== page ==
What is mouth cancer?

Mouth cancer is the largest group of head and neck cancers. It is more common in men than in women, and the vast majority of cases are in people over the age of 50. However, more than one in ten cases is diagnosed in people below this age. Incidence rates in Scotland are the highest of all the UK nations. Mouth cancer rates are also high among South Asian women.

There appear to be two distinct pathways to cancer in the mouth – most lesions (around 75%) are related to use of tobacco or alcohol, but some, especially at the back of the mouth in the oropharynx, are related to exposure to human papillomavirus (HPV).

Mouth cancer is changing. It is increasing in younger patients (there has been a significant increase in patients under the age of 45 over the last 20 years). Although rates of mouth cancer have traditionally been higher in men than in women, this gap is narrowing over time.

There is an urgent need for action against mouth cancer. Although patients' quality of life during and after treatment has steadily improved, survival rates from the disease have barely increased.2

The stage at which mouth cancer is diagnosed has a significant effect on overall survival. When the cancer is still confined to the primary site and small (stage I, less than 2 cm), nearly 90% of people survive for at least two years. But six out of ten mouth cancers are found at a late stage (stages III and IV, greater than 4 cm or with spread), and this means a much lower survival rate (at stage IV, around 45% of people survive for at least two years) and high treatment-related morbidity in those who survive.

Delays in diagnosis of oral cancer can lead to patients having more advanced stages of cancer, especially when the delay is more than a month. Delays in referral from primary to secondary care are associated with a threefold increase in mortality.

What can you do to reduce the risk and spot mouth cancer early?

There are a number of things you can do to reduce the risk of developing mouth cancer. These include:

  • Avoid using tobacco in any form – smoked, chewed, or smokeless

  • Avoid using betel nut (or areca nut), even without tobacco

  • Cut down on alcohol: aim to drink no more than one standard drink a day (2-3 units) for women, or two standard drinks a day (3-4 units) for men

  • Eat at least five servings of fruit and vegetables a day

  • Protect your lips with sunscreen and a wide-brimmed hat, and spend time in the shade when the sun's UV rays are strong

  • Reduce chances of infection with HPV by practising safer sex.

By living such a healthy lifestyle, you can cut down the risk of mouth cancer, and also gain a wide range of other health benefits.

To spot mouth cancer early, get to know what is normal for you, and if you notice anything out of the ordinary in your mouth, tell your dentist, doctor or another healthcare professional without delay.

Particular signs to look out for are any red or white patch, ulcer, or lump in the mouth, which can be an early sign of cancer if lasting for three or more weeks.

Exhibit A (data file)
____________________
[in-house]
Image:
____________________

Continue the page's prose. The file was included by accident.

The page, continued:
Also, have yearly examinations by a dentist, even if you no longer have your own teeth. Dentists are trained to spot early signs of mouth cancer and can easily see parts of your mouth that you cannot see.

What can be done to reduce the burden of mouth cancer?

There is an urgent need to rapidly develop the following:

Better public awareness and knowledge

  • Continuing public awareness activity, such as that conducted during Mouth Cancer Action Month, is needed to raise understanding of mouth cancer, risk and prevention, and early diagnosis

  • Mouth cancer awareness-raising activity could also be carried out through the Department of Health 'Be Clear on Cancer' umbrella.

Better professional awareness and knowledge

  • It is important that high uptake of good quality continuing professional development (CPD) programmes is encouraged

  • 'Oral Cancer: Early detection' is an important topic of the General Dental Council (GDC) guidance for CPD for dental professionals (www.gdc-uk.org/dentalprofessionals/cpd/Pages/default.aspx)

  • The GDC should also consider making this a 'highly recommended' CPD subject.

Better preventive strategies

  • Continued action on reducing tobacco use

  • Renewed action on reducing alcohol consumption to within recommended levels

  • Continued action to reduce areca nut (betel) use.

There is indicative evidence that HPV vaccination may be able to help prevent oral HPV infections. New and emerging evidence on HPV vaccination, including cost-effectiveness, can help inform whether to recommend HPV vaccination also for 12-13-year-old boys, or men who have sex with men. Further studies, using oral cancer incidence as endpoints, are also needed to provide firm evidence of a beneficial effect.

Earlier diagnosis and referral for treatment

  • Research into how best to reduce referral and diagnostic delays, as well as implementation of strategies that are shown to be effective in reducing such delays.

The British Society for Oral Medicine (BSOM) and Cancer Research UK (CRUK); the Chief Dental Officers for England, Northern Ireland, Scotland, and Wales; the Deans of the British Royal Colleges of Surgeons Dental faculties; the British Dental Association (BDA); the British Dental Health Foundation (BDHF); the British Society for Oral and Maxillofacial Pathology (BSOMP); the British Association of Oral & Maxillofacial Surgeons (BAOMS); the British Association of Oral Surgeons (BAOS); and the Association of British Academic Oral & Maxillofacial Surgeons (ABAOMS) support this statement and Mouth Cancer Action Month.

The National Clinical Director for Cancer, NHS England and the Platform for Better Oral Health in Europe also support the statement.